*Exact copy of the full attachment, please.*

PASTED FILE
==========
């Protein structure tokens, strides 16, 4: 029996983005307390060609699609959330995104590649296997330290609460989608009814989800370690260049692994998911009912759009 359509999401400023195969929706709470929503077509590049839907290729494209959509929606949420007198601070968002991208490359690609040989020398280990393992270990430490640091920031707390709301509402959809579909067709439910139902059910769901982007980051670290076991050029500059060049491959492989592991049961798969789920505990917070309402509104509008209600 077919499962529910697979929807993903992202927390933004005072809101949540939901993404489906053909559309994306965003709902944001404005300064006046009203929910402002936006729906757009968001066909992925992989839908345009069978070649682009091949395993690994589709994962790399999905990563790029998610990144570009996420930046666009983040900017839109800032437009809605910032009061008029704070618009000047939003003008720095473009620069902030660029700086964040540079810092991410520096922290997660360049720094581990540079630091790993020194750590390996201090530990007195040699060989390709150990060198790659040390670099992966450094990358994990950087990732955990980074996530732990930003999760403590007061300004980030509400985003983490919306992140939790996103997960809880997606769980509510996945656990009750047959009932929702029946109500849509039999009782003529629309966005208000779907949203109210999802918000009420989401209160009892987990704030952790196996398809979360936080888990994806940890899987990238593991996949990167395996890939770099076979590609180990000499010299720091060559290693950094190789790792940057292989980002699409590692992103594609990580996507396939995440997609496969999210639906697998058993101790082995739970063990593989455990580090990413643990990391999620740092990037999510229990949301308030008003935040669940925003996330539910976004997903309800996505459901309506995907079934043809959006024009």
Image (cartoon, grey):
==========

């Protein structure tokens, strides 16, 4: 029996983005307390060609699609959330995104590649296997330290609460989608009814989800370690260049692994998911009912759009 359509999401400023195969929706709470929503077509590049839907290729494209959509929606949420007198601070968002991208490359690609040989020398280990393992270990430490640091920031707390709301509402959809579909067709439910139902059910769901982007980051670290076991050029500059060049491959492989592991049961798969789920505990917070309402509104509008209600 077919499962529910697979929807993903992202927390933004005072809101949540939901993404489906053909559309994306965003709902944001404005300064006046009203929910402002936006729906757009968001066909992925992989839908345009069978070649682009091949395993690994589709994962790399999905990563790029998610990144570009996420930046666009983040900017839109800032437009809605910032009061008029704070618009000047939003003008720095473009620069902030660029700086964040540079810092991410520096922290997660360049720094581990540079630091790993020194750590390996201090530990007195040699060989390709150990060198790659040390670099992966450094990358994990950087990732955990980074996530732990930003999760403590007061300004980030509400985003983490919306992140939790996103997960809880997606769980509510996945656990009750047959009932929702029946109500849509039999009782003529629309966005208000779907949203109210999802918000009420989401209160009892987990704030952790196996398809979360936080888990994806940890899987990238593991996949990167395996890939770099076979590609180990000499010299720091060559290693950094190789790792940057292989980002699409590692992103594609990580996507396939995440997609496969999210639906697998058993101790082995739970063990593989455990580090990413643990990391999620740092990037999510229990949301308030008003935040669940925003996330539910976004997903309800996505459901309506995907079934043809959006024009």
Image (cartoon, grey):